Shareholders request the Board of Directors commission a report and seek an advisory shareholder vote on its metaverse project. The report should summarize results of a third-party assessment of: potential psychological and civil and human rights harms to users that may be caused by the use and abuse of the platform,whether harms can be mitigated or avoided, or are unavoidable risks inherent in the technology. After the report’s publication, the Company should seek a shareholder vote, expressing non-binding advisory approval or disapproval of the metaverse project, advising the board and management whether investors consider continued implementation of the metaverse platform to be prudent or appropriate.
Our Company - formerly Facebook, now Meta Platforms—is betting its future on the metaverse, an immersive virtual world where people can socialize, play, and work. CEO Mark Zuckerberg has told analysts: I expect people will transition from seeing us primarily as a social media company to seeing us as a metaverse company. Yet, shareholders worry the metaverse will generate dystopian downsides and investment risk, given Facebook’s appalling track record addressing human and civil rights and privacy concerns affecting billions of people globally. A Wall Street Journal investigation, based on internal documents provided by a whistleblower, concluded: Facebook...knows, in acute detail, that its platforms are riddled with flaws that cause harm, often in ways only the company fully understands. A third-party civil rights audit expressed concern about the vexing and heartbreaking decisions Facebook has made that represent significant setbacks for civil rights. The same issues Facebook is reckoning with—discrimination, human and civil rights violations, incitement to violence, and privacy violations—may be heightened in the metaverse. Investors question Meta’s social license to operate an emerging technology like the metaverse in the face of anti-trust litigation, whistleblower testimony, congressional hearings, and poor governance practices. Mr. Zuckerberg has said the metaverse will require new forms of governance, but has provided scant detail, while simultaneously overseeing poor corporate governance practices at Meta as CEO, chairman, and controlling shareholder. Governance experts Quinta Jurecic and Alan Rozenshtein write: Unfortunately, nothing in Facebook’s history suggests that it will be a good steward to navigate these challenges. Meta is dedicating significant resources to the metaverse without fully understanding its potential risks and negative impacts. The Company employs over 10,000 people working on metaverse projects and plans to hire at least 10,000 more. It estimates spending 10 billion dollars on metaverse investments in 2021, approximately 50 percent of capital expenditures, with additional future spending. Investors worry that without thorough due diligence on metaverse’s potential risks, shareholder value could suffer. After whistleblower testimony exposed Facebook’s governance failings, share value dropped 13 percent within six weeks.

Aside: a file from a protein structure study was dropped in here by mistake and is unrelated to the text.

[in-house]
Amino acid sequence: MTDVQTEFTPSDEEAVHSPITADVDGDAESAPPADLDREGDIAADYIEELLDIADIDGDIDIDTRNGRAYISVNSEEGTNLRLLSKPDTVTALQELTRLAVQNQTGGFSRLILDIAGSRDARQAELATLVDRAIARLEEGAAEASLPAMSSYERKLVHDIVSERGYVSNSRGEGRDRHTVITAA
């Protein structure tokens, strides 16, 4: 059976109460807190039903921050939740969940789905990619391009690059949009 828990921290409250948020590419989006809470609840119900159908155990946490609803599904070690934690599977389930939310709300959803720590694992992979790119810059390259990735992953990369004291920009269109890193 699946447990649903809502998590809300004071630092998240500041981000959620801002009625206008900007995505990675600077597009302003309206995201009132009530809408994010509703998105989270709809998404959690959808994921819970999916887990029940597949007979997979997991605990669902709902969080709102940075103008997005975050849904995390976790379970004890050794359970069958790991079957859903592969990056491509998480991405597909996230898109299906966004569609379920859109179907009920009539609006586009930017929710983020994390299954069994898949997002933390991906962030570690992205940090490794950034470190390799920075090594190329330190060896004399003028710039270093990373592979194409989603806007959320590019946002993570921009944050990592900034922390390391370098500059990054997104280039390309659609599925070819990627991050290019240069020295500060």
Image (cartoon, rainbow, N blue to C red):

Shareholders recommend the report be prepared at reasonable cost, omitting confidential and proprietary information, by an independent third-party, at the conclusion of an initial metaverse development phase (e.g. after one year of development).
How other organisations have declared their voting intentions